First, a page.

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One thing that sticks in my mind from my childhood is the number of ex-servicemen from the First World War begging in the streets, or playing a musical instrument for donations. All had limbs missing or loss of sight.
Edmonton Military Hospital was one of several hospitals in England given over to the care of wounded soldiers during the First World War. It was a special surgical hospital for orthopaedic cases.
It was in Silver Street, Edmonton and is now the North Middlesex Hospital.
The Military Hospital was a great centre of interest to local people with its two large red crosses on the front gates.
My father's uncle, E. G. Cole, was very much involved in setting up the hospital for military use, for which he was awarded an MBE.
We children were always excited when a convoy of wounded soldiers was expected. They had been brought back to England by ship, then by train to a London Station where ambulances met the convoys. My father was one of the ambulance drivers. The ambulances moved only at a slow walking pace to try to prevent unnecessary jarring, as many of the solders were extremely badly wounded. When we children saw them coming along Silver Street, we would run along beside them and cheer.
"On Monday a train load of wounded men arrived at Swindon [presumably another hospital]. Being a Bank Holiday food was a difficulty, especially bread. However Stephens the baker got to work and got his ovens going, but we had to GIVE the bread as it is illegal to SELL bread till it is twelve hours old."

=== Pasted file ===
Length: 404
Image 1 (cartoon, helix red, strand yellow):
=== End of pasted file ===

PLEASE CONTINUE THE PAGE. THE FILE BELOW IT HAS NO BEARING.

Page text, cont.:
from a WW1 letter in 'Charlotte's Beastly War'
by James Melik, reproduced with permission
When the wounded soldiers were well enough to go out, they were very noticeable in the street as they were dressed in sax blue suits made of what looked like a type of lightweight flannel material, and they wore bright red ties.
It seems that all the country's main military hospitals had the same uniform. See for example a photo from Caenshill Military Hospital, courtesy of Lesley Ruse.
The next two photographs show the uniforms of the various grades of nurse, as well as the suits worn by the patients who were well enough get dressed. The first photograph is at a wedding in a nearby house and the second is in a ward.
Naturally everyone was very kind to the wounded soldiers. America sent tins of tobacco which were very attractive. They were about three inches long and curved to fit comfortably into a breast pocket. The name on the tin was Tuxedo and there was a picture of a man in a dinner jacket. The Americans also sent grapefruit, and my father had some, presumably a perk of the job. We had never seen them before and tried to eat them like oranges. So we didn't like them at all because they were so bitter.
When the war was over, the hospital had a Peace Tea, and, as my father was on the staff, my mother and I were invited too. There was food galore and it was the first time I had trifle with sherry in it.